On Materialism and Modernism

Sacred Heart - Jesuitism Friday

Sacred Heart

Yes, eighty years ago, Rudolf Steiner warned of the threat of reducing all of culture and politics to economic functions. And now I feel it everywhere. A successful musician tells me how she left the record industry because of corporate pressure to make her music more commercial. University doctors tell me of the crass, commercial ethos that now pervades the academy, if academy it can still be called, for it has been dumbed-down to meet economic agendas. Artless, graceless buildings arise everywhere, sacrificing Soul for economic ends. And children grow up in built environments of rigid angles and uninspired monotony.

And if individuals nations try to express their unique souls, there is indeed mighty pressure to CONFORM, that is, to MARCH to the global capitalist beat. And everywhere people’s individual lives also become stripped of soul and mystery.

I receive e-mails which haunt my soul. One of my dear known friends, expresses the stripping of soul he experiences in his own life in America. Yes here is a fragment from his letter that elaborates something far better than I can, at least right now, something well advanced in Asia and America – but now being summoned forth in Europe:

In this fast-paced, busy, time-starved,complex environment we’ve created, we are forced to compartmentalize our lives. For example: Up at 6:45, to work by 8, pick up the kids after soccer practice, throw together dinner, pay the bills, do the laundry, go to church at 10 a.m. Sunday, meet the parents for lunch, fix the fawcet in the kitchen…

Church, religion, spirituality, get compartmentalized along with all the other things we do in life. … Is it any wonder that the lessons and brotherly love we shared at 10 a.m. Sunday get brushed aside in the boardroom Monday, when we decide to up profits by laying off a thousand people?

… Connectedness — we’ve lost it in America, at least to a great degree. (That makes it easier to lay off people!) If you look at the European model of community and work, and weeks of vacation each year, and the East Asian model of all work and no play, America long has fallen in between. But we’re moving toward the East Asian model; in fact, we’ve been accelerating in that direction.

Nowadays, [with]greedy business owners and corporations … There seems to be a mentality spreading that ANYTHING that is good for a company’s profits is a good idea. Lying, stealing, cheating, destroying the environment and exporting jobs overseas … [We have ]an acceleration to the disconnected, dog-eat-dog jungle style of capitalism in East Asia.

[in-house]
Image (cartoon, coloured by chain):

In East Asia, where I lived for two years and worked at a business magazine, capitalism is perverted thoroughly in this way … Japan is woefully ill in spirit, having replaced all their values with the worship of wealth. Korea is far down that track, and China is racing up behind those nations … I see a societal illness — and let’s admit that society never has been and never will be perfect — that results from imbalance, away from spirituality and toward self-centeredness.

Yes dear known friend, how your words strike my soul … “FORCED to compartmentalise” as you put it. Forced to acquiesce to an increasingly mechanical society that leaves no room for soul. And without soul, we move ever more to the self centred dog eat dog horror that you see so clearly …

On Secret Societies and the Sacred Fire of the Heart of Jesus

Traditional Catholic books

Traditional Catholic books in support of this website and for the glory of His Sacred Heart and Her Immaculate Heart.

Yes all of this, it seems to me, is not without connexion to the Da Vinci Code, and to Rudolf Steiner’s warnings more than 80 years ago about the dangers of a society conquered by the forces working through Anglo-American Secret Societies.

To a degree, France resists. And The Economist is NOT happy about it. The Spirit of “Margaret Thatcher” simply must be summoned here as well. But she is still “constricted” …

What am I saying here? Am I insinuating? Or am I just pointing? Stammering and pointing: “Look there. Look there.” Because for the moment, I can do no more than point and stammer. I will let you decide for yourself.